Slips of Speech : a Helpful Book for Everyone Who Aspires to Correct the Everyday Errors of Speaking

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I shall read, We shall read,
You will read, You will read,
He will read, They will read.

But when I desire to show determination on my part to do a certain thing, or when I exercise my authority over another, or express promise, command, or threat, will is used in the first person and shall in the second and third; as,

I will read, We will read,
You shall read, You shall read,
He shall read, They shall read.

Shall primarily implies obligation; will implies intention or purpose. Will and would should be used whenever the subject names the one whose will controls the action; shall and should must be employed whenever the one named by the subject is under the control of another.

The difference between should and would is, in general, about the same as that between shall and will.

The foregoing suggestions cover the ordinary uses of these auxiliaries, but there are some special cases deserving attention.

Will, in the first person, expresses assent or promise, as well as determination; as,

"I will read this poem for you since you have requested it."


"I will meet you to-morrow at the time appointed."

Will, in the second person, may express a command; as,

"You will take the places assigned you."

"You will report immediately at my office."

Will is sometimes employed to express a general fact, without conveying the idea of futurity; as, "Accidents will happen." "Differences will arise."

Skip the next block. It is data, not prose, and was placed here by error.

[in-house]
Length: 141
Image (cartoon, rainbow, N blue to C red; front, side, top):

Will is sometimes incorrectly used instead of shall; as, "Will I go?" for "Shall I go?" This fault is common in Scotland, and prevails to some extent in this country.

Will is also used where may would be more appropriate; as, "Be that as it will."

Shall you? Will you?

The distinction between shall and will in the interrogative forms of the second person are not very clearly defined. Many writers and speakers use them interchangeably. The answer should have the same auxiliary as the question.

"Shall you go to town to-morrow?" "I shall."

"Will you attend to this matter promptly?" "I will."

Should, Would, Ought

Should is often used in the sense of ought; as, "Mary should remain at home to-day and wait upon her sick mother."


Should and would are employed to express a conditional assertion; as, "I should go to college, if I could secure the necessary means." "He would have gone fishing, if his father had been willing."

Would is often used to express a custom, a determination, or a wish; as, "He would sit all day and moan." "Would to God we had died in the land of Egypt." "He would go, and his parents could not prevent him."


Certain authors and critics, including Coleridge, have objected strongly to the use of talented. One writer argues that since there is no such verb as to talent, the formation of such a participle as talented cannot be defended, and he further declares that no good writer is known to use it, Webster (The International Dictionary) states that, as a formative, talented is just as analogical and legitimate as gifted, bigoted, moneyed, lauded, lilied, honeyed, and numerous other adjectives having a participial form, but derived directly from nouns and not from verbs....